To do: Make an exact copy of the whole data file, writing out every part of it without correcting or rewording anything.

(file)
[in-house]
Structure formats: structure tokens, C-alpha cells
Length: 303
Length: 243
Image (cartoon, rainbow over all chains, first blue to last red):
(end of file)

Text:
[in-house]
Structure formats: structure tokens, C-alpha cells
Length: 303
Length: 243
Image (cartoon, rainbow over all chains, first blue to last red):